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    I started a similar thread on another site posing the question of whether any branches closed after Beeching could have survived if transferred as autonomous franchises to independent operating companies (anticipating aspects of the privatisation of 25 years later). I'm guessing the Weardale operated its recent passenger service under the provisions of a Light Railway Order and sadly as others have pointed out this will be doomed to failure in the 21st century. Regular (or non heritage) passengers will no longer tolerate dawdling at stations or pootling along at 25mph if they have somewhere to go. My view on whether Beeching branches could have survived is predicated on the creation of a new category of "enhanced light railway order" which would permit higher line speeds for DMUs (say up to 50mph) or low axle loading vehicles when running on plain track. Until this is the case no preserve railway is ever going to make a success of non heritage operations.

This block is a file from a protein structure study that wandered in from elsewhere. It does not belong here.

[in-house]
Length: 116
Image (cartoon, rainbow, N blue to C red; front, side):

The tragedy of Beeching though is that if you look at the west country as an example - the Looe branch is now operationally profitable and so many similar branches (Seaton, Sidmouth, Bideford and perhaps even Bodmin Road to Padstow and Axminster -Lyme Regis to name just a few) could also have been saved and would be running today if the deregulation of the LRO permitted it.